Rick Perry made true on his threat to veto funding for the Public Integritiy Unit if Rosemary Lehmberg did not resign from her office. She, as one would hope from their public officials, refused to be coerced. But now the state's funding for the state's one Public Integrity Unit has disappeared.
So. There goes our ethics. Perry also veteod individual ethics bills from this legislative session. When it comes to ethical government, he just doesn't care.
Thankfully, not quite all is lost. Despite no funding for the next budget for the $3.5 Million unit, Travis County prosecutors might still have their jobs and the local DA's office might still keep our politicians honest.
Read on to find out how.State Representative Sylvester Turner was pretty annoyed with our governor after his vetoes. During a long parliamentary inquiry, he said that the Governor has some explaining to do. Of course, he won't explain. So, Turner filed House Concurrent Resolution 6 that would go somewhere the Texas Legislature has never gone before — override a gubernatorial veto during a special session.
That doesn't seem likely to pass, however.
District Attorney Rosemary Lehmberg proposed another way: for the county to fill the gap. And at the Travis County Commissioner Court meeting, County Judge Sam Biscoe stated what's obvious to many: “the future of the Public Integrity Unit depends on Travis County.”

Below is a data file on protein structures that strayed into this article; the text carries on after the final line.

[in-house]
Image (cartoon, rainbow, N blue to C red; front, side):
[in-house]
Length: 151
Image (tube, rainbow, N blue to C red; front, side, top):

The Commissioner Court took no action this week, but Biscoe indicated that an official proposal be made in the coming weeks. The court will likely be pressured from locals to fund the Public Integrity Unit that's valued by many Travis County Democrats, but they will probably be hesitant to set a precedent that the state not need make this expenditure on a regular basis. Further, it will be curious to see how far this court is willing to go, as commissioners have been reluctant to enhance ethics regulations for themselves.
There are 45 Travis County employees in the Public Integrity Unit working on over 400 cases. The public trust is in their hands, and it is in Travis County's hands to support their work.